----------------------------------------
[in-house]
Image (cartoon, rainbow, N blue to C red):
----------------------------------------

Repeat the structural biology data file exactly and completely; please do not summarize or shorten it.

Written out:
[in-house]
Image (cartoon, rainbow, N blue to C red):